Istanbul runs out of public transport passes amid pandemic concerns

Istanbulites are used to buses breaking down and smothering crowds on public transport, but transport in Turkey’s most populous city, one of the country’s worst in terms of traffic jams, is facing a new crisis.

Long queues have formed outside the centers to recharge and renew public transport passes, known as Istanbulkart, as the municipality recognizes a shortage of passes. Municipality officials say the crisis is linked to the coronavirus pandemic, which has forced authorities to issue exclusive passes for each individual passenger.

Since January, it has been mandatory for Istanbulkart holders to match their Life Fits Into Home (Hayat Eve Sığar – HES) code with their cards. HES, an app developed by the Ministry of Health, provides access to an individual’s health information and whether they are infected with the deadly disease. Although an online update is available for existing cards, getting a new pass is now a challenge for those who don’t have one.

Municipal kiosks where passes can be obtained are limited in number. When people try to get a card through automated machines installed in public transport hubs, they encounter a message saying “no Istanbulkart is available”.

Yücel Karadeniz, director of a municipality’s e-payment company that oversees pass procurement, said he recently issued a tender for the purchase of 1.5 million new passes. Karadeniz told the Demirören News Agency (DHA) on Thursday that the problem stemmed from the new exclusivity rule.

“More than one person could use Istanbulkart before, but the practice of HES code has made it personalized only for one person’s use. So we have seen an increase in demand for cards,” he said.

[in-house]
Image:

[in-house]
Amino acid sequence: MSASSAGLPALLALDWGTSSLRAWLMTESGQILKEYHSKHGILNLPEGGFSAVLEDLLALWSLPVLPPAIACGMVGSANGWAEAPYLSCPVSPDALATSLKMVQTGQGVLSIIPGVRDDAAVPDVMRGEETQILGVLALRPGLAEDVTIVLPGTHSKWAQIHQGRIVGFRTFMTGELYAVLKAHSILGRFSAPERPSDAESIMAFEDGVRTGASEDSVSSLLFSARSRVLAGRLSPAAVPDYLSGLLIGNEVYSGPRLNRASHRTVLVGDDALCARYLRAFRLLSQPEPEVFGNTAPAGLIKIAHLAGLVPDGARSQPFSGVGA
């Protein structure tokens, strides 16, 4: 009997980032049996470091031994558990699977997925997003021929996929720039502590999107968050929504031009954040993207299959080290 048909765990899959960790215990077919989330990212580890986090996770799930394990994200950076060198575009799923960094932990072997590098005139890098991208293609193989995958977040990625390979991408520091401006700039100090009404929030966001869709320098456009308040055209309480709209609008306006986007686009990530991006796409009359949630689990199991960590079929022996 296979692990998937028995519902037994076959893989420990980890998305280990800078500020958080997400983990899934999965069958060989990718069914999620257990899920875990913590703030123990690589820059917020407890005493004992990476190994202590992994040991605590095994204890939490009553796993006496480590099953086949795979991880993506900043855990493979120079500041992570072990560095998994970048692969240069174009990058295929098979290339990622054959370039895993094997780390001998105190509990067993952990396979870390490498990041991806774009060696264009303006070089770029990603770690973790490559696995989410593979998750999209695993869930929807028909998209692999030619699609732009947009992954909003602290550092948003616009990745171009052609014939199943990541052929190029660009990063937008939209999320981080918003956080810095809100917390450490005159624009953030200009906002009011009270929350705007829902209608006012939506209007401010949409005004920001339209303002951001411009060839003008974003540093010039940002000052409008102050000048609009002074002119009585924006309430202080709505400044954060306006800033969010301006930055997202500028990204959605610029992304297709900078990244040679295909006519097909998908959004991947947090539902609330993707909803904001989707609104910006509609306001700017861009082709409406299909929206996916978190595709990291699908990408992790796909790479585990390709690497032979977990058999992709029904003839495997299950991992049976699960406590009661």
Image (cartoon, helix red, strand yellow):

“Our usual quantity of card supplies was 4.5 million every year, but this year we had to supply around 6.5 million new passes,” he said. Karadeniz said they also needed to limit sales of new passes to outlets rather than automated machines to prevent ‘fraud’, citing fraudsters buying cards in bulk and selling them to people without HES codes. .

Muhammet Eren Saygın, who was among those waiting to get a new pass outside a kiosk, said he had recently arrived in Istanbul and was unable to buy an Istanbulkart. “I couldn’t get around by public transport and had to take a taxi. It cost me dearly. You cannot buy Istanbulkart everywhere. Automated machines only give one pass and you can’t match your HES code,” he complained.

The shortage was particularly depressing for students at a time when education is in person. Ebrar Turan said she had to travel to Yenibosna neighborhood from Fatih district, more than 10 kilometers (6 miles) away, to get a pass from a kiosk there. “And now I have to wait in line for another half hour. There should be more places where we can get passes,” she told Ihlas News Agency (IHA).

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Melvin Z. Madore